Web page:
Luke Runyon appears in the following:
Monday, August 17, 2015
Monsanto, the world's largest producer of seeds, is trying to swallow up a competitor in pesticide production. The move could lead to fewer choices for farmers and further consolidate the industry.
Tuesday, August 04, 2015
A judge ruled Monday that an Idaho law criminalizing undercover investigations of farms is unconstitutional. Seven other states have similar laws, but legal experts say they may not stand much longer.
Friday, July 10, 2015
Executives at JBS, the world's largest meat producer, know consumers want to know more about how their food is sourced. But the very nature of their business is grisly and sometimes unpalatable.
Wednesday, June 17, 2015
Regulators in the 23 states where medical or recreational marijuana is allowed are having a tough time making sure pot buyers don't ingest harmful pesticides.
Tuesday, May 12, 2015
Today, the average American eats about a half pound of lamb per year. Now lamb producers are setting their sights on Muslim consumers. But first they'll have to learn how to market to them.
Monday, April 06, 2015
The fast-growing organic sector hasn't enjoyed a succinct motto. The Organic Trade Association wants growers to help pay for one. The idea is splitting farmers, processors and marketers into factions.
Thursday, March 26, 2015
Colorado's food and ag industries have been growing two to four times faster than the state's economy overall. The state's economists are ever more hopeful about cornering the market on ag innovation.
Monday, February 16, 2015
At farm shows across the country, drones have become as ubiquitous as tractors. Drone flights are mostly banned in the U.S., but on Sunday the FAA released long-awaited draft rules.
Thursday, February 05, 2015
The rate of growth in the number of farmers markets and sales at them has slowed in recent years. But that could mean the entire local food movement is growing up.
Wednesday, January 21, 2015
Scientists are studying how hemp might be used in the electronic, medical and manufacturing industries. Because the plant's been illegal for decades, it's been difficult to do research on its uses.
Monday, December 22, 2014
At a Colorado ranch run by Benedictine nuns, prayer and farming go hand in hand. "We have kind of a corner on the market" for grass-fed beef, says one sister. "People just kind of believe in it."
Thursday, December 11, 2014
The percentage of female farmers is climbing — slowly, according to federal figures. But those numbers don't take into account the many new roles women are filling on multigenerational family farms.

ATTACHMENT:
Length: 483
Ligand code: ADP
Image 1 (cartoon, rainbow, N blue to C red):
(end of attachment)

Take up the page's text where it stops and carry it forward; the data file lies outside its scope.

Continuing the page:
Friday, November 14, 2014
Audie Cornish talks with E.J Dionne of The Washington Post and David Brooks of The New York Times about issues that popped up during the first week in Washington since the midterms.
Friday, November 14, 2014
Colorado law says the plant itself has to be grown indoors, but regulation and reluctant banks have made real estate hard to come by for pot entrepreneurs. The right property can go for millions.
Wednesday, November 05, 2014
Voters in Colorado and Oregon rejected measures to require labels on foods produced with genetic engineering. Meanwhile, voters in Maui, Hawaii, approved a moratorium on GMO crops.
Tuesday, October 07, 2014
Similar measures calling for labeling genetically modified foods have failed in recent years in California and Washington, and Vermont is being sued for the labeling law it enacted earlier this year.
Wednesday, September 24, 2014
When healthier school lunch standards went into effect, many worried kids would toss their mandated veggies. But researchers say letting kids pick what they put on their tray can cut down on waste.
Tuesday, August 26, 2014
Colorado is rolling out regulations for the edible-marijuana sector, including "emergency rules," which spell out serving sizes. But for now, most of the dosage education is falling to pot shops.
Friday, August 22, 2014
As attitudes toward homosexuality shift in the U.S., many gay men say that's created not just more legal freedoms but also greater freedom to express their gender identities.
Thursday, August 07, 2014
The "ick factor" has kept consumers in the U.S. from eating crickets, locusts and mealworms. To convert skeptics, bug-food advocates are trying to win them over with sleek packages and clever names.